Here was one of the great Pioneers of British wrestling, one of the real wrestlers who played a significant part in the renaissance of British wrestling in the 1930s, and continued wrestling until the early 1950s. George Clark was a Scot of immense strength and fine wrestling ability in differing styles. He was made of sturdy stuff, born into a large farming family in Banff, a historic town in the north east of Aberdeenshire, Scotland. That was on 1st February, 1907, and it wasn't long before the youngster was expected to help out on the family farm at Grange. It wasn't just the farm work that built up the youngsters strength, it was also an interest in sport, throwing weights and hammers.
In 1924, aged just 17 years old, George began competing in Highland competitions throwing the hammer and caber tossing. For three decades there was no one to equal George Clark. His record breaking throw of the 56lb weight (a distance of 39 feet 6 inches) at Aboyne, Aberdeenshire, in September, 1931, was a record that stood for over 30 years.
Wrestling was another sport at which George excelled, competing in both Cumberland and Westmorland and Lancashire Catch styles.
This sporting background, along with a 50 inch chest, weighing 16 stones and standing 6'1” tall made George a perfect candidate for the professional wrestling boom that was spreading around the country. Having left service as a policeman in Dundee George took up professional wrestling, All-In style, and joined fellow Scots Giant, John Bell travelling up and down the country.
He was an immediate success. A professional for only a few months it took George just 23 minutes to gain the verdict over British heavyweight champion, Atholl Oakeley, at the Barnsley Stadium in October, 1933. A few weeks later he made his debut at Lane's Club in London, part of an elimination series to find a challenger for champion Oakeley. His opponent was the even bigger Scot, John Bell of Fraserburgh, who weighed over 20 stones. George took the lead with a fall in the 21st minute but failed to beat the count after 50 minutes of wrestling. In those days a knock out was equivalent of a fall, resulting in a drawn verdict at the end of the contest. A month later failed in his bid to take the championship from the holder, Atholl Oakeley.
Throughout all this George continued competing in Highland Games tournaments, making the national press again in August, 1934, when he threw the heavy hammer 97 feet 4 inches.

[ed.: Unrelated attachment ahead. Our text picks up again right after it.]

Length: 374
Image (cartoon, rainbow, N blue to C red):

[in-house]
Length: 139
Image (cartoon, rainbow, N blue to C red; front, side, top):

American Jack Sherry was defeating all before him. In November, 1934, George faced the experienced Sherry at Millberry Rinkeries in Plymouth. The contest reached an extraordinary conclusion with a result described in the local press as “an incident.” Sherry pinned George's shoulders to the mat following which the “incident,” said to involve both wrestlers and referee Billy Woods, resulted in the disqualification of George Clark.
Following in the footsteps of Oakeley and Garnon George Clark crossed the Atlantic in December, 1936, heading for Toronto, Canada, where it was said, “The big, good-looking Scot is still a close, orthodox grappler, but fans who have seen him have taken a fancy to his size, his big smile, pink cheeks and grappling ability.”
The Windsor Daily Star (8/12/36) “George Clark of Dundee, Scotland, originator of wrestling's new 'Highland Fling' defeated Al Mercier in a single fall ...The Scotsman bewildered his opponent with the curious manoeuvre and used it to slap him to the mat on five or six occasions before winning in 19:53.”
Not everything went George's way, there were occasions he came up against better men, such as this night, reported by the Hartford Times, on January 19th, 1938, when he faced a young Lou Thesz, “Suspicion that husky George Clark, the Loch Lomond Monster, had been offered sacrificially on the altar of build up for yet another wrestling champion lurked in the minds of Hartford’s grappling fans today. Louis (Don) Thesz, billed as champion of the world (in Missouri), tossed the 226-pound Scot twice in succession at Foot Guard Armory last night. Mr. Thesz accomplished his end efficiently and easily.”
George remained in North America for all of of 1937, moving into the United States before returning home in 1938 where he continued to defeat the biggest names in Britain, including Bill Garnon, Len Franklin and Jack Pye.
During the Second World War George served in the Royal Air Force but continued to fit in some wrestling commitments whilst on leave. He fully resumed his Highland Games and professional wrestling careers following the cessation of hostilities. He mastered yet another style, Mountevans Style wrestling, working mainly in the north and Scotland for Norman Morrell and George de Relwyskow.
In 1951, a professional for over twenty years, he wrestled Ernest Baldwin for the British heavyweight championship, unfortunately injured in the seventh round after providing a powerful attacking force for six rounds and leading by one fall. It had been a similar fate three years earlier when he was in the lead and seemingly had the upper hand in a championship match with Bert Assirati.
Our last recorded contest for George Clark is in 1955.